Sun | Jun 16, 2024

MICE to drive more tourism revenue to Jamaica

Published:Sunday | May 26, 2024 | 12:13 AMJanet Silvera - Sunday Gleaner Writer
Vanessa Ledesma, CEO of the Caribbean Hotel and Tourism Association.
A section of the crowd of 1,200 delegates who attended the opening ceremony of the 42nd Caribbean Travel Marketplace held on May 20, at the Rose Hall Great House in Montego Bay, St James.
A fire performer ignites the steps of the historic Rose Hall Great House at the opening ceremony for the 42nd Caribbean Travel Marketplace.
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WESTERN BUREAU:

Highlighted as a pivotal moment in this year’s just-concluded Caribbean Travel Marketplace (CTM) was the unveiling of the Caribbean Meetings, Incentives and Exhibitions (MICE) Exchange, which drew the attention of 13 planners, mainly from the United States and as far as Poland.

The inaugural event underscored Jamaica and the region’s growing appeal as a premier destination for meetings and incentives.

The meetings and incentives aspect of the market was the last to recover from the COVID-19 pandemic as companies forbade their staff to travel, even after countries reopened and started accepting visitors again.

“MICE is very important to Jamaica. Not only is it a volume driver but, more importantly, it drives more revenue to the destination,” said Philip Rose, deputy director of tourism, with responsibility for the Americas, during CHTA Marketplace which was staged at the Montego Bay Convention Centre from May 20 to May 22.

“It also is one of the market segments that benefits not only the resorts but the DMCs (Destination Management Companies) at large. It also benefits the attractions across the island, because more and more of our MICE partners are telling us that they’re looking for things to do beyond the walls of the resorts,” Rose added.

According to him, MICE planners are looking for the top-notch service that Jamaica has been historically able to offer. Thus, the decision was taken to include this segment in the 42nd staging of CTM.

Rose’s comments were echoed by Vanessa Ledesma, CEO of the Caribbean Hotel and Tourism Association (CHTA), who said the exchange was one of the many firsts for the marketplace, and the feedback was amazing.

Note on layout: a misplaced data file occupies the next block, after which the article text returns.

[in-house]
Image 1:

“It gave MICE planners the opportunity to truly understand the diversity and all that the Caribbean has to offer,” shared Ledesma.

From a supplier perspective, Ledesma noted that the hotels and 28 destinations that participated in CTM had an opportunity to understand the potential of that additional business aspect.

“And that it’s not only the big hotels that can benefit from the MICE market, but also the independent, luxury properties, particularly, with the incentive market.”

She pointed out that this market had a slower recovery compared to leisure travel, as business travel overall was impacted by COVID. However, virtual meetings worked for a period, but people are now craving that connection, and human interaction is palpable.

“In every business aspect, it is all about relationships. And you need to be with people to facilitate those relationships.”

Ledesma highlighted the strengthening of corporate events such as CTM over the past two years.

“We’re seeing more conferences regaining their calendars and their periods,” she revealed.

Close to 1,100 delegates attended the conference, represented by 136 buyer companies, including wholesalers and tour operators, mainly from Argentina, Brazil, Chile, Colombia, Ecuador, Estonia, Italy, Latvia, Mexico, Panama, Peru, Poland, Romania, Sweden, the United Kingdom, and the United States.

Holiday Inn’s director of sales, Carol Dunbar, whose hotel had pre-meetings with the planners, sang the praises of the opportunity her company was given.

“We’ve gotten new business out of Caribbean Travel Marketplace, and the most impressive part about the tradeshow this year was the MICE programme,” Dunbar told The Sunday Gleaner on Wednesday.

“We had about 14 pre-meetings in a separate meeting room where the MICE appointments were made, which was really very good. And we had 20 minutes of concentrated discussion on this segment, which has never happened before,” she revealed.

With more than 500 rooms and 3,000 square feet of meeting space, the MICE market is very important to Holiday Inn, which changes hands officially to ownership by Spanish group Catalina by July 1, stated Dunbar.

Pre-bookings for 2025 and 2026 from the MICE market are extremely encouraging.

Research shows that the market size was valued close to US$500 million in 2021. The market is also expected to reach US$539 million by 2028.

editorial@gleanerjm.com